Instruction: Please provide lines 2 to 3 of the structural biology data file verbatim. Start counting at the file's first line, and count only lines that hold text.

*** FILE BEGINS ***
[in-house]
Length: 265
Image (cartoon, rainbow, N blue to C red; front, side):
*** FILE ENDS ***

Length: 265
Image (cartoon, rainbow, N blue to C red; front, side):